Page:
Chainspace co-founder: Facebook’s dystopian, censorship-prone cryptocurrency

Chainspace co-founder: Facebook’s dystopian, censorship-prone cryptocurrency

Mustafa Al-Bassam, the co-founder of Facebook acquired blockchain startup Chainspace, said Libra could recreate a dystopian financial system that’s less censorship resistant and easier to manipulate than the current one. Al-Bassam shared his thoughts on Facebook’s cryptocurrency project, saying that we could end up “worse than where we started.”

The road to dystopia is paved with good intentions

Mustafa Al-Bassam, the co-founder of blockchain startup Chainspace, joined the ranks of dozens of other industry influencers by questioning Libra’s decentralization model. Al-Bassam is the only member of Chainspace that didn’t join Facebook after it acquired the company earlier this year.

In a lengthy Twitter threat, he said that while he had no doubt that the Libra team wants to create an open, decentralized payment system, the road to dystopia is paved with good intentions. Namely, Libra’s decentralization model is what worries Al-Bassam the most, as it has the potential to create a financial system that’s prone to censorship and manipulation.

The current banking system is more or less decentralized on a global scale, with money traveling through a vast network of banks. Such a network makes collusion almost impossible, as no majority of parties can agree to deny other banks the ability to maintain relationships with each other.

On the other hand, cryptocurrency systems are always at risk of a 51 percent attack that can censor or reverse transactions, no matter how decentralized a network is. Albeit, a large enough mining network can make such an attack so costly that it is impractical.

Libra’s potential worsens problems of censorship resistance

Al-Bassam believes that Libra could easily become the world’s de facto currency, as Facebook’s immense user base and the sheer convenience of its services would render all competitors obsolete. However, if the Libra network is the only way to transfer value—and if (when) it’s easily censored—it would cause irreparable damage to the global financial system.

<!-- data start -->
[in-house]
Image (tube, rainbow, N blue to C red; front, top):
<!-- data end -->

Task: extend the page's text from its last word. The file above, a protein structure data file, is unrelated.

Libra’s permissioned consensus node selection authority is derived from Swiss law and not from independent stakeholders, leading to more centralization.

This, according to Al-Bassam, can be solved by creating a “Sybil-resistant” node selection model that would be less prone to censorship than Libra’s current “association-based” model. A Sybil-attack in computer science means an attack in which an attacker creates many anonymous identities to gain disproportionate influence in a peer-to-peer system. Differ methods of user verification and increasing the cost of influence over a system, like proof of work, can help mitigate Sybil attacks.

Despite the fact Libra outlined their plan to switch to a proof-of-stake based permissionless model in the next five years, there is a high probability that the system would be too late to fix by then.

The research scientist also criticized Libra for its claims that permissionless, scalable, and secure blockchains are “an unsolved technical problem.” He pointed out that Ethereum 2.0 has long passed the research stage of their blockchain scalability efforts and that the model is currently in the implementation stage.

He also added that Chainspace, the company he co-founded, was working on implementing a permissionless sharded blockchain with high on-chain scalability when Facebook acquired it. “With FB’s resources, this could’ve easily been accelerated and made a reality,” he said.

All in all, Al-Bassam found it disappointing that Facebook didn’t use its vast resources to implement the numerous scalability solutions that the community was developing and had decided to run with a centralized, permissioned, and censorship-prone system instead.

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